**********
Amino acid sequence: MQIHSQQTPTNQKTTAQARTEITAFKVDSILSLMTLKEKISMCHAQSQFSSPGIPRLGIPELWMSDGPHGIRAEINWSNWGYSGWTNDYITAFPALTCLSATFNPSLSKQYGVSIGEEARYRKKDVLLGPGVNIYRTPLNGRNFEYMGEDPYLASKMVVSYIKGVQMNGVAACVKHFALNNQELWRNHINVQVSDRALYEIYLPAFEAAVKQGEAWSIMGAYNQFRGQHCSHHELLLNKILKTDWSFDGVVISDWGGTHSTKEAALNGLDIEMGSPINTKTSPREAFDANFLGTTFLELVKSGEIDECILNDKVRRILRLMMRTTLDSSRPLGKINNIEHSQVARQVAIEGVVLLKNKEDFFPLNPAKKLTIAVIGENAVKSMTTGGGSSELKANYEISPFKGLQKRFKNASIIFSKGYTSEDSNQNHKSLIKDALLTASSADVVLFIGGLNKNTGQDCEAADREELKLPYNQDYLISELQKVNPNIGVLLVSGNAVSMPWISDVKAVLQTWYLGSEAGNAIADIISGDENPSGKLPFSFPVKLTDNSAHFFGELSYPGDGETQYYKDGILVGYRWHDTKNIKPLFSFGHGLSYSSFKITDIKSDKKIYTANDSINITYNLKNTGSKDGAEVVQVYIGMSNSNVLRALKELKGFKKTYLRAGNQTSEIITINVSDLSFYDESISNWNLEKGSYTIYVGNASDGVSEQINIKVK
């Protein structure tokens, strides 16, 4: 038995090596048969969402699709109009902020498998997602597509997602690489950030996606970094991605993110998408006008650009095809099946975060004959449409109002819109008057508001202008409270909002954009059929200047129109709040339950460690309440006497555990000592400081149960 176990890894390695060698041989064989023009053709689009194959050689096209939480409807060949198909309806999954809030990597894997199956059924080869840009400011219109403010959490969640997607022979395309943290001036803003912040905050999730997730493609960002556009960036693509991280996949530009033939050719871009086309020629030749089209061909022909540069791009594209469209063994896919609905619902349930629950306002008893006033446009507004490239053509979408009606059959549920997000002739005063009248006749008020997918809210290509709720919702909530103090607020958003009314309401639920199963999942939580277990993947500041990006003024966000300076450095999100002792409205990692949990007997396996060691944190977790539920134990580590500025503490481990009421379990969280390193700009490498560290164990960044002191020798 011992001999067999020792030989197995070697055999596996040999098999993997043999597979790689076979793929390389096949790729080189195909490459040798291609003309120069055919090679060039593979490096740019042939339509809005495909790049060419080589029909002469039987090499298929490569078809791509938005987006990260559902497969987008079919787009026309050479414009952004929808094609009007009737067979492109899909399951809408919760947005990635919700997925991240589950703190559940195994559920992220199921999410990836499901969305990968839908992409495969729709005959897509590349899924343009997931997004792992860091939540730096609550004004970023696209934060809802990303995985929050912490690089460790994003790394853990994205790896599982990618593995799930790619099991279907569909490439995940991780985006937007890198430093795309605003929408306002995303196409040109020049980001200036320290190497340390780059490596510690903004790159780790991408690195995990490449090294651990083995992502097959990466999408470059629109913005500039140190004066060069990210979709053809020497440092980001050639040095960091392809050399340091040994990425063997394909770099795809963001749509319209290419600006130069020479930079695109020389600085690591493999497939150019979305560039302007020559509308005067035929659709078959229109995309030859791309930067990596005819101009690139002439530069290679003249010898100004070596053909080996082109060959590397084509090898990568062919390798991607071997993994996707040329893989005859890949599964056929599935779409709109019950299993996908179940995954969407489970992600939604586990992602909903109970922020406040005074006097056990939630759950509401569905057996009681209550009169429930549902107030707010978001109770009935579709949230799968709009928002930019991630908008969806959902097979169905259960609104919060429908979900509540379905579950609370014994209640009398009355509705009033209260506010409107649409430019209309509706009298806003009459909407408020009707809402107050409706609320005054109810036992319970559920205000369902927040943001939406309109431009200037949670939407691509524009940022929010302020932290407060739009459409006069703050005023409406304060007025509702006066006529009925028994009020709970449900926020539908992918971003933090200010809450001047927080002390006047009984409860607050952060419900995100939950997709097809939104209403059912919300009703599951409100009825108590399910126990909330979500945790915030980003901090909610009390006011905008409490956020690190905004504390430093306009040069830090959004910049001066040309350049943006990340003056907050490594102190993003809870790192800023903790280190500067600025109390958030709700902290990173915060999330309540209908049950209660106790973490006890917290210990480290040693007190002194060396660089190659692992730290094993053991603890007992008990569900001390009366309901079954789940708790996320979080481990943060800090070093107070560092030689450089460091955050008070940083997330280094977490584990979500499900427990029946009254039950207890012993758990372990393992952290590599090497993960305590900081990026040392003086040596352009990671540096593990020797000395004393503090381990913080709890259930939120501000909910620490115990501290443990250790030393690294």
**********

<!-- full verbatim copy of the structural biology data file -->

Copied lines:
Amino acid sequence: MQIHSQQTPTNQKTTAQARTEITAFKVDSILSLMTLKEKISMCHAQSQFSSPGIPRLGIPELWMSDGPHGIRAEINWSNWGYSGWTNDYITAFPALTCLSATFNPSLSKQYGVSIGEEARYRKKDVLLGPGVNIYRTPLNGRNFEYMGEDPYLASKMVVSYIKGVQMNGVAACVKHFALNNQELWRNHINVQVSDRALYEIYLPAFEAAVKQGEAWSIMGAYNQFRGQHCSHHELLLNKILKTDWSFDGVVISDWGGTHSTKEAALNGLDIEMGSPINTKTSPREAFDANFLGTTFLELVKSGEIDECILNDKVRRILRLMMRTTLDSSRPLGKINNIEHSQVARQVAIEGVVLLKNKEDFFPLNPAKKLTIAVIGENAVKSMTTGGGSSELKANYEISPFKGLQKRFKNASIIFSKGYTSEDSNQNHKSLIKDALLTASSADVVLFIGGLNKNTGQDCEAADREELKLPYNQDYLISELQKVNPNIGVLLVSGNAVSMPWISDVKAVLQTWYLGSEAGNAIADIISGDENPSGKLPFSFPVKLTDNSAHFFGELSYPGDGETQYYKDGILVGYRWHDTKNIKPLFSFGHGLSYSSFKITDIKSDKKIYTANDSINITYNLKNTGSKDGAEVVQVYIGMSNSNVLRALKELKGFKKTYLRAGNQTSEIITINVSDLSFYDESISNWNLEKGSYTIYVGNASDGVSEQINIKVK
């Protein structure tokens, strides 16, 4: 038995090596048969969402699709109009902020498998997602597509997602690489950030996606970094991605993110998408006008650009095809099946975060004959449409109002819109008057508001202008409270909002954009059929200047129109709040339950460690309440006497555990000592400081149960 176990890894390695060698041989064989023009053709689009194959050689096209939480409807060949198909309806999954809030990597894997199956059924080869840009400011219109403010959490969640997607022979395309943290001036803003912040905050999730997730493609960002556009960036693509991280996949530009033939050719871009086309020629030749089209061909022909540069791009594209469209063994896919609905619902349930629950306002008893006033446009507004490239053509979408009606059959549920997000002739005063009248006749008020997918809210290509709720919702909530103090607020958003009314309401639920199963999942939580277990993947500041990006003024966000300076450095999100002792409205990692949990007997396996060691944190977790539920134990580590500025503490481990009421379990969280390193700009490498560290164990960044002191020798 011992001999067999020792030989197995070697055999596996040999098999993997043999597979790689076979793929390389096949790729080189195909490459040798291609003309120069055919090679060039593979490096740019042939339509809005495909790049060419080589029909002469039987090499298929490569078809791509938005987006990260559902497969987008079919787009026309050479414009952004929808094609009007009737067979492109899909399951809408919760947005990635919700997925991240589950703190559940195994559920992220199921999410990836499901969305990968839908992409495969729709005959897509590349899924343009997931997004792992860091939540730096609550004004970023696209934060809802990303995985929050912490690089460790994003790394853990994205790896599982990618593995799930790619099991279907569909490439995940991780985006937007890198430093795309605003929408306002995303196409040109020049980001200036320290190497340390780059490596510690903004790159780790991408690195995990490449090294651990083995992502097959990466999408470059629109913005500039140190004066060069990210979709053809020497440092980001050639040095960091392809050399340091040994990425063997394909770099795809963001749509319209290419600006130069020479930079695109020389600085690591493999497939150019979305560039302007020559509308005067035929659709078959229109995309030859791309930067990596005819101009690139002439530069290679003249010898100004070596053909080996082109060959590397084509090898990568062919390798991607071997993994996707040329893989005859890949599964056929599935779409709109019950299993996908179940995954969407489970992600939604586990992602909903109970922020406040005074006097056990939630759950509401569905057996009681209550009169429930549902107030707010978001109770009935579709949230799968709009928002930019991630908008969806959902097979169905259960609104919060429908979900509540379905579950609370014994209640009398009355509705009033209260506010409107649409430019209309509706009298806003009459909407408020009707809402107050409706609320005054109810036992319970559920205000369902927040943001939406309109431009200037949670939407691509524009940022929010302020932290407060739009459409006069703050005023409406304060007025509702006066006529009925028994009020709970449900926020539908992918971003933090200010809450001047927080002390006047009984409860607050952060419900995100939950997709097809939104209403059912919300009703599951409100009825108590399910126990909330979500945790915030980003901090909610009390006011905008409490956020690190905004504390430093306009040069830090959004910049001066040309350049943006990340003056907050490594102190993003809870790192800023903790280190500067600025109390958030709700902290990173915060999330309540209908049950209660106790973490006890917290210990480290040693007190002194060396660089190659692992730290094993053991603890007992008990569900001390009366309901079954789940708790996320979080481990943060800090070093107070560092030689450089460091955050008070940083997330280094977490584990979500499900427990029946009254039950207890012993758990372990393992952290590599090497993960305590900081990026040392003086040596352009990671540096593990020797000395004393503090381990913080709890259930939120501000909910620490115990501290443990250790030393690294």